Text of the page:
Re: Proposal: useragent at-rule

Various folks wrote:
>>>I use server-side scripting to identify UAs and then modify the 
>>>CSS using PHP -
>>>not the prettiest solution, but it works.
>>So UA strings, while not wonderful, *are* usable.
>Usable, yes, but not good to be part of a standard.

What fundamental purpose would @useragent serve in the spec?  The 
goal of the spec is to convince all UAs to achieve compliance so 
authoring becomes as easy as possible.  Thus it seems the spec has to 
be designed to try to render that rule entirely useless.  This seems 
like a patch applied to a future version to cure a current problem. 
As such, I have trouble envisioning it as a working solution, and if 
implemented it seems as though it would still make authoring just as 
difficult as it is right now.

On the other hand, I don't see that there would be any harm in 
implementing an @version rule, so that authors can declare which 
version of CSS they are supporting.  This follows the Javascript 
model, at least to some extent.  Such a declaration would allow the 
future development of the spec in a direction that is incompatible 
with current implementations, should that prove to be desirable at 
some point.  A version declaration might also give authors the option 
to specify that the user agent could use the rules in the version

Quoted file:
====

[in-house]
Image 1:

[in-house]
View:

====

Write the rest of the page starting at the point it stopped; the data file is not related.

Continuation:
block as a supplement to other rules, or as an exclusive substitute 
for them.

After several CSS versions, I could imagine, e.g.:

/* current generation browsers see generic rule blocks here */
@version (3, exclusive) {
   /* rules aimed at CSS version 3 implementations */
   /* generic rule blocks would not be applied */
   @version (4, inclusive) {
     /* enhancements for CSS version 4 capable browsers */
     /* version 3 rules would also apply, but not */
     /* generic rule blocks, since the version 4 rule */
     /* is itself contained inside an exclusive block */

I don't know if this would be too difficult to implement (certainly 
it would bring up progressive rendering issues in this form, at 
least), but I can certainly imagine it being useful to authors.  And 
it makes authoring easier, because it could be entirely ignored by 
authors if they didn't want to use advanced features.  It also 
partially addresses some of the issues @useragent is supposed to 
cover, but does it in a more consistent, spec-centric way, in my view.


-Adam Kuehn

Received on Tuesday, 30 March 2004 13:05:39 UTC